After an 11th hour marathon negotiating session last night in New York City, the players and owners came up empty in their quest to avoid the cancellation of the first two weeks of the regular season, as David Stern followed through on his deadline to cancel the start of the NBA season.
So what exactly will the C’s be missing over the first two weeks? A six-game slate in full, as summarized by Chris Forsberg of ESPNBoston.com
Among the games axed are home games against Cleveland, Charlotte and the Los Angeles Clippers (which means no Blake Griffin visit to Boston next season), as well as road games at Atlanta, Indiana and Cleveland.
If you’re the type that can find a silver lining, you’ll focus on the fact that Boston’s season-opener went from a lackluster visit from the Cavaliers to a potential ESPN Wednesday night blockbuster against the Miami Heat on Nov. 16. That’s followed with a visit to Orlando the next night for a TNT national broadcast.
Our good friend and former CelticsHubber Zach Lowe of the terrific Point Forward Blog at SI.com broke down what appears to be the heart of the issue at this point: A failure to terms on the “system issues” between the sides, which in turn begs the question:
• Are system issues worth losing games?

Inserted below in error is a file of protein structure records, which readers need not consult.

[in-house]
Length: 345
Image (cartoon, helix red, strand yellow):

You might wonder why either side cares so much about system issues, since the next CBA, like its dead predecessor, will divide income between players and owners based on a set percentage. In other words, make all the cap and tax rules you like, but if the deal calls for players to receive 50 percent of basketball-related income, they’re going to receive 50 percent of that money, regardless of what their listed salaries say.
I’ve addressed in detail why players care about the system issues despite this percentage setup. In their view — and the views of their agents and attorneys — a hard cap or something approximating it will kill guaranteed long-term contracts for middle-class veteran players. The players as a whole might be guaranteed that set percentage of revenues, but that money would be distributed differently, with stars getting more, rookies getting whatever the rules allow and the middle-rung veterans scrapping for leftovers on short-term deals.
You can understand that. It’s hard to see, but you can understand it.
But why are the owners willing to lose actual basketball games, and the revenue that goes with them, over system issues? That is the harder question, since they too will receive only the set percentage of revenue to which they are entitled. If you ask the league, it will stress competitive balance — the notion that hardening the cap system will help small-market teams compete with the big boys by narrowing the spending gap. And yet, just about all the evidence we have on record suggests basketball might be inherently “uncompetitive,” relative to other popular team sports. Nor is it clear that, should the league somehow achieve parity, that doing so would increase its popularity.
Maybe it will. I’d bet against it, but who knows? The point is, it’s uncertain, and you don’t cough up hundreds of millions in revenue to chase a dream.
At this point, none of should be really surprised the NBA went down this road it appeared to be destined for over the last couple years. Be sure to read the remainder of Zach’s post though for breakdown of what to expect out after these latest rounds of failed talks.